Why (Study) The Book of Mormon?
By Ken K. Gourdin
In the recently concluded General Conference of the Church of Jesus Christ of Latter-day Saints, President Thomas S. Monson promised that members of the Church would be blessed if they will undertake a serious study one of the Church’s foundation Scriptures, the Book of Mormon. I responded in part:
Joseph Smith reported, “I told the brethren that the Book of Mormon was the most correct of any book on earth, and the keystone of our religion, and a man would get nearer to God by abiding by its precepts, than by any other book.” (Teachings of Presidents of the Church: Joseph Smith (2007) 64, History of the Church 4:461) I take Brother Joseph’s “most correct” comment to mean that the Book of Mormon teaches the most correct principles in the clearest manner. As clearly as the Gospel is taught in many places in the Holy Bible, many of its more opaque concepts and precepts are elucidated much more clearly in the Book of Mormon.
As for “get[ting] nearer to God by abiding by its precepts,” who wouldn’t want to do that? I take a John 7:17 approach to such an invitation: Christ said, “If any man will do His will, he will know of the doctrine, whether it be of God or whether I speak of myself,” and I think that’s true of any man claiming to speak on God’s behalf, including (and especially, in many respects) Joseph Smith. And as for being the keystone of our religion, Dictionary.com (s.v. “keystone” http://www.dictionary.com/browse/keystone) and last accessed April 10, 2017) defines “keystone” as “the wedge-shaped piece at the summit of an arch, regarded as holding the other pieces in place,” and “something on which other things depend.” The Book of Mormon is the keystone of our religion in both of these senses.
President Ezra Taft Benson called the Book of Mormon “one of the most siginficant gifts given to the world in modern times” (General Conference, October 1986, “The Book of Mormon—Keystone of Our Religion”). President Benson goes on to say that the Lord Himself impressed upon us the importance of the Book of Mormon:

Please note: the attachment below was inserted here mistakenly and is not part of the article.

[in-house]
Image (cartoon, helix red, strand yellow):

“By His own mouth He has borne witness (1) that it is true (D&C 17:6), (2) that it contains the truth and His words (D&C 19:26), (3) that it was translated by power from on high (D&C 20:8), (4) that it contains the fulness of the gospel of Jesus Christ (D&C 20:9, D&C 42:12), (5) that it was given by inspiration and confirmed by the ministering of angels (D&C 20:10), (6) that it gives evidence that the holy scriptures are true (D&C 20:11), and (7) that those who receive it in faith shall receive eternal life (D&C 20:14).”
(Id.) Further, President Benson says that the Book of Mormon’s importance can be seen in where its coming forth occurred in the overall timetable of events comprising the restoration of the Gospel of Jesus Christ, noting that only Joseph Smith’s vision of the Father and the Son preceeded it (Id.) President Benson also notes that the Lord condemned the early Saints for treating the Book of Mormon lightly, quoting Doctrine and Covenants 84:54-57:
54 And your minds in times past have been darkened because of unbelief, and because you have treated lightly the things you have received—
55 Which vanity and unbelief have brought the whole church under condemnation.
56 And this condemnation resteth upon the children of Zion, even all.
57 And they shall remain under this condemnation until they repent and remember the new covenant, even the Book of Mormon and the former commandments which I have given them, not only to say, but to do according to that which I have written[.]
President Benson goes on to ask, if the Saints of the Restoration were condemned for treating the Book of Mormon lightly, whether we are under any less condemnation in our day if we do the same (Id.). I think the very fact that President Benson asks the question indicates that, no, we are under no less condemnation than were they if we treat the Book of Mormon lightly.
Regarding Joseph Smith calling the Book of Mormon the keystone of our religion, President Benson goes on to say that “a keystone is the central stone in an arch. It holds all the other stones in place and if [it is] removed, the arch crumbles.” (Id.) He goes on to cite three ways in which the Book of Mormon is “the keystone of our religion”: “It is the keystone in our witness of Christ. It is the keystone of our doctrine. It is the keystone of testimony.”
The Book of Mormon “is the keystone of our witness of Christ,” President Benson says, because “[i]t bears witness of His reality with power and clarity.” It is the keystone of our doctrine because “in the Book of Mormon we will find the fulness of those doctrines required for our salvation. And they are taught plainly and simply so that even children can learn the ways of salvation and exaltation.” And the Book of Mormon is the keystone of testimony because if the Book of Mormon were not true, then Joseph Smith’s prophetic calling is not divine, his claim to restored priesthood keys is fraudulent, and the restoration fails in toto. (See id.)